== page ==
First, Fear is correct in pointing out that the developments that occurred and included in the article were slightly time-bound, with a concentration on what happened following the August 1964 Gulf incidents. A very important event that Shore deals with, but Fear fails to mention in his review, is the plan (which was foiled) to assassinate Secretary of Defense Robert McNamara on a visit to Vietnam in March 1964. Shore mentions the event but does not, in my view, follow through on what this could mean. It is worth asking: exactly how did the communists think this act, if successful, would affect US policy? If they were really trying desperately to avoid a wider war with the Americans, as they were telling the Soviets, for example, how would this further that goal? It certainly does not appear to display “strategic empathy” of the kind Shore posits. To me this appears as truly reckless risk-taking, and even perhaps irrational behavior, if they wanted to keep the US out of the direct fighting.
This brings up another question and possible explanation for Duan's behavior: what if the North was trying to get the US to react in order to get further support from the USSR and PRC? This may not be as far-fetched as it seems. Americans and others routinely made such charges against their own client states such as South Korea and Taiwan, and controlled the military aid spigot accordingly.
As both authors note, citing Asselin and others, the decision to go for a communist military victory had been made in 1963. I have found circumstantial evidence that the decision had been made, at least for an escalation, in May-June 1963, which correlates with the onset of the “Buddhist Crisis” in the latter month and the appearance of a whole new generation of much more powerful Chinese-made weapons in the South the following month, July 1963. These weapons began arriving following a formal visit to Hanoi by Chinese leader Liu Shaoqi (Liu Shao-chi) in April-May 1963. In its post-Diem evaluation of the situation in South Vietnam, US intelligence discovered that the military situation in the countryside began a serious setback due to a communist offensive. The insurgents may have outfought the government troops in this period largely because they outgunned them. (The Southern soldiers did not receive M-16s for the most part until during the Tet Offensive of 1968.)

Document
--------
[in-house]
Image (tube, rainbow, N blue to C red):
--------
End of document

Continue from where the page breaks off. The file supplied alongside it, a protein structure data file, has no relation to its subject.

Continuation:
In any event, by December 1963, following Diem’s overthrow, the decision to escalate was finalized. It is also worth noting that the Chinese, newly militant and looking to discredit “peaceful coexistence,” [See Niu Jin, “1962: The Eve of the Left Turn in China’s Foreign Policy” (Washington: CWIHP, 2011), Working Paper 48 for an analysis that emphasizes domestic and external causation for China’s radicalization] were promising the Vietnamese they would give them any support they requested. Liu Shaoqi [Liu Shao-chi] did the same once again after the beginning of the “Rolling Thunder” bombing program:
The Chinese ended up reneging on the pilots, but eventually sent a total of some 320,000 road and bridge engineering troops, and some antiaircraft units that actively participated in the fighting. But it seems that during 1963-65 the Vietnamese expectations of aid from the Chinese were running high. It is also interesting to note that the Vietnamese wanted Chinese pilots and aircraft to raise the morale of their public. Improvement in morale in the South was a major reason for “Rolling Thunder.”
Nor was China the only possible target of this lobbying effort. Even before Khrushchev was overthrown in October 1964, the USSR began supplying Vietnam with military aid in the immediate aftermath of the Tonkin incidents, responding to a specific request from the Vietnamese. In the face of charges from the North Koreans that the Soviets had "betrayed" Vietnam by not responding to the Gulf crisis, Kosygin told North Korea's Deputy Premier, Kim Il in November 1964:
The spigot may have been turned on further following Khrushchev's overthrow, but this statement suggests the decision to aid had already been made. Nor was it a pro forma commitment. North Korean leader Kim Il-sung told a visiting group of Cuban "journalists" in July 1965:
The evidence is too weak to make an empirical claim, but perhaps the possibility of gaining support from China and the USSR might explain some of the aggressiveness on the part of the North Vietnamese in 1963-65. If so, it certainly worked after the Gulf crisis. But the provocations continued even after the aid began arriving.
This brings me to another point: the number of incidents aimed specifically at Americans in South Vietnam, including non-military targets. Most accounts tend to mention the incidents from the diplomatic archives, but it is important to realize that there was a string of incidents that began well before the August, 1964 Gulf incidents, or the attack on Pleiku in early 1965. An Air Force report from 1967 listed some of the major ones:
From the American side, it was a string of attacks specifically against Americans, including civilians, infiltration of regular troops from the North, and a general atmosphere of escalation that determined their views.
As noted, it is not yet clear whether Le Duan wanted a war to gain external support or not, but if he had wanted to goad the Americans into escalation (especially if the assassination of McNamara had succeeded,) he couldn’t have done a better job of it.
Colgate University, Emeritus